The president of Harford County's Army Alliance told community leaders Monday federal budget cuts and the uncertainty of any future BRAC process raise plenty of questions about the future of Aberdeen Proving Ground.

"The defense budget is really critical to us at the moment," Jill McClune, the Alliance's leader, said in front of 136 people gathered at the Water's Edge Events Center in Belcamp for the annual dinner of the local non-profit organization, which is made up of government, business and community that lobbies on behalf of the post.

McClune said the post is hoping to avoid another round of sequestration, which she said was "absolutely horrible" last fall but is unlikely to come up this year – at least not until after the November election is over.

"It's really next year that we are worried about, and the real issue is, are we going to go through sequestration again? And nobody really knows, but that is sort of the one thing we don't want to happen again," McClune said.

APG's former commanding general, Lt. Gen. Robert Ferrell, returned for the dinner to talk about the Army's new Internet-savvy goals, training "cyberwarriors" and a force that is smaller but more agile.

"We have to do more with less," acknowledged Ferrell, who was promoted to the Army's chief information officer in January and works at the Pentagon.

McClune said with elections approaching, Congress and the administration in Washington do not want voters to face sequestration, which would pose another hit to the economy.

Harford County weathered the most recent recession far better than many other jurisdictions, thanks in large part to the continued focus on expanding APG after the last round of BRAC changes.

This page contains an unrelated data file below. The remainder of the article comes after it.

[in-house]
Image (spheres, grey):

The Army, however, has since taken the brunt of cuts to the federal defense budget, McClune said.

After the sequestration, "we have seen a lot of contractors get impacted by that and folks on the post, so we really don't want to go through that cycle again," she said.

Another round of base realignment, or BRAC, also is not expected to come to the U.S. Senate floor until after the fall elections, she said. Though Harford fared well in the last realignment a decade ago, many local leaders say they are concerned what the federal government once gave the county, could just as easily be taken away.

McClune said she hopes the Alliance and other Army stakeholders will continue to be in a position to hold sway over any given BRAC scenario.

She said the Army is especially hoping to avoid a "soft" or "hidden" BRAC, with realignments that are more dispersed and, therefore, less privy to public oversight.

"That is the worst-case scenario," she said. "We really can't predict what will happen, but what we can predict is something will."

McClune also said the Alliance was extremely successful in getting a number of helpful bills passed by the Maryland General Assembly this spring.